Vibrational Raman Spectra of Diatomic Molecules

The gross selection rule for the observation of vibrational Raman transitions is that the polarisability of the molecule should change as the molecule vibrates. Both homonuclear and heteronuclear diatomics fulfill this requirement, so both molecules are vibrationally Raman active. If we approximate the potential energy curve of a vibrating bond as a parabola (i.e. assume that the vibration is harmonic) then the … Read more

Combination Differences

The rotational constant of a vibrationally excited state of a diatomic molecule will be slightly smaller than that of the vibrational ground state, as the excited state will have a slightly longer bond than the ground state (due to the anharmonicity of the vibration). Consequently the moment of inertia of the excited state will be greater and its rotational constant … Read more

Vibration – Rotation Spectra

If the vibrational spectrum of a gas-phase heteronuclear diatomic molecule is obtained at high enough resolution, it is found that each line of the spectrum actually consists of a large number of closely spaced components. These components arise from the rotational transitions that accompany vibrational transitions – since the gaps between vibrational levels are so much … Read more

Anharmonic Oscillation

The approximation of the potential energy to a parabola cannot be correct at all extensions, as it does not permit dissociation of the bond. At high vibrational excitations (i.e. in states with high values of the quantum number ν), the parabolic approximation is particularly poor. The motion at such a position is described as anharmonic, as the restoring force is … Read more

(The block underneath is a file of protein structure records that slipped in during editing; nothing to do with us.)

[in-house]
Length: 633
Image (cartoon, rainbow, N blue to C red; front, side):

Vibrational Selection Rules

The gross selection rule for vibrational transitions is that the electric dipole moment of the molecule must change in the course of the vibrational motion. e.g. homonuclear diatomics are infrared inactive – stretching of the bond does not alter the dipole moment of the molecule, it remains at zero. However, heteronuclear diatomics may be infrared active, as bond stretching increases … Read more

Molecular Vibrations

A typical potential energy curve for a diatomic molecule has the following form: REqm is the internuclear separation between the atoms at equilibrium – the equilibrium bond length. At smaller separations the potential energy rises rapidly as a result of repulsion between the outermost electrons. At larger separations, the potential rises more slowly until it eventually levels out. At this … Read more

Further Properties of Molecular Orbitals

There is another convention in the labeling of molecular orbitals that we need to be aware of. This concerns the parity of the orbital. The parity of an orbital is its behaviour under inversion. An orbital of even parity appears the same when inverted through its centre, while one of odd parity changes sign. In the diagrams, the lighter … Read more

Molecular Orbital Diagrams

The procedure for working out a molecular orbital of a general diatomic molecule is quite simple. We construct molecular orbitals using the available orbitals on the atoms. We then fill up the molecular orbitals, starting with the lowest in energy, until all the electrons in the species have been assigned to an orbital. The filling of the orbitals obeys … Read more

Molecular Orbital Theory

Molecular orbital theory does not consider the electrons in a bond to be localised between two nuclei. Rather it considers them to occupy a molecular orbital. This orbital, the region of space in which the electron is most likely to be found, covers the whole molecule, and the atoms that make up the molecule are bound together … Read more

Further Valence-Bond Theory

The fundamental aspects of valence bond theory as outlined on the previous page are that superposition of wavefunctions leads to a low energy bonding wavefunction in which the probability of finding the electrons in the internuclear region has been substantially increased. This discussion centred on the H2 molecule, which contains a single σ bond. To discuss more complicated molecules it … Read more